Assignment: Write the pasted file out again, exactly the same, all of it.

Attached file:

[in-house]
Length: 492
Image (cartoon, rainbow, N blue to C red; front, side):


[in-house]
Length: 492
Image (cartoon, rainbow, N blue to C red; front, side):